Soil management is the application of operations, practices, and treatments to protect soil and enhance its performance (such as soil fertility or soil mechanics). It includes soil conservation, soil amendment, and optimal soil health. In agriculture, some amount of soil management is needed both in nonorganic and organic types to prevent agricultural land from becoming poorly productive over decades. Organic farming in particular stresses optimal soil management, because it uses soil health as the exclusive or nearly exclusive source of its fertilization and pest control.
According to the EPA, agricultural soil management practices can lead to production and emission of nitrous oxide (N2O), a major greenhouse gas and air pollutant. Activities that can contribute to N2O emissions include fertilizer usage, irrigation and tillage. The management of soils accounts for over half of the emissions from the Agriculture sector. Cattle livestocks account for one third of emissions, through methane emissions. Manure management and rice cultivation also emit emissions. Using biochar may decrease N2O emissions from soils by an average of 54%.
Methods that significantly enhance carbon sequestration in soil include no-till farming, residue mulching, cover cropping, and crop rotation, all of which are more widely used in organic farming than in conventional farming. Because only 5% of US farmland currently uses no-till and residue mulching, there is a large potential for carbon sequestration. Similar practices such as arable land conversion to grasslands, crop residues and cover crops have been proposed in Europe
- Controlling traffic on the soil surface helps to reduce soil compaction, which can reduce aeration and water infiltration.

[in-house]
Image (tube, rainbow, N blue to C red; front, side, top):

- Cover crops keep the soil anchored and covered in off-seasons so that the soil is not eroded by wind and rain.
- Crop rotations for row crops alternate high-residue crops with lower-residue crops to increase the amount of plant material left on the surface of the soil during the year to protect the soil from erosion.
- Nutrient management can help to improve the fertility of the soil and the amount of organic matter content, which improves soil structure and function.
- Tillage is the breaking of soil, such as with a plough or harrow, to control weeds. Reduced-tillage or no-till operations limit the amount of soil disturbance while cultivating a new crop, and help to maintain plant residues on the surface of the soil for erosion protection and water retention.
Advantages of soil managementEdit
- Maintain soil fertility
- Restore soil fertility
- Make the agricultural process an economic one
- Help increase yield
- Reduce soil erosion
- "Agriculture: Sources of Greenhouse Gas Emissions". EPA. 2015.
- "Biochar decreased N2O emissions from soils". Social Impact Open Repository. Archived from the original on 2017. Retrieved 2017-09-05.
- Susan S. Lang (13 July 2005). "Organic farming produces same corn and soybean yields as conventional farms, but consumes less energy and no pesticides, study finds". Retrieved 8 July 2008.
- Pimentel, David; Hepperly, Paul; Hanson, James; Douds, David; Seidel, Rita (2005). "Environmental, Energetic, and Economic Comparisons of Organic and Conventional Farming Systems". BioScience. 55 (7): 573–82. doi:10.1641/0006-3568(2005)055[0573:EEAECO]2.0.CO;2.
- Lal, Rattan; Griffin, Michael; Apt, Jay; Lave, Lester; Morgan, M. Granger (2004). "Ecology: Managing Soil Carbon". Science. 304 (5669): 393. doi:10.1126/science.1093079. PMID 15087532.
- Lugato, Emanuele; Bampa, Francesca; Panagos, Panos; Montanarella, Luca; Jones, Arwyn (2014-11-01). "Potential carbon sequestration of European arable soils estimated by modelling a comprehensive set of management practices". Global Change Biology. 20 (11): 3557–3567. doi:10.1111/gcb.12551. ISSN 1365-2486.
- Soilquality.org - Soil Management Practices
- Soil Management - Penn State